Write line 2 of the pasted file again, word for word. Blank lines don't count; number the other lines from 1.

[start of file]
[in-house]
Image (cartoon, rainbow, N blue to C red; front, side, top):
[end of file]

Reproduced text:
Image (cartoon, rainbow, N blue to C red; front, side, top):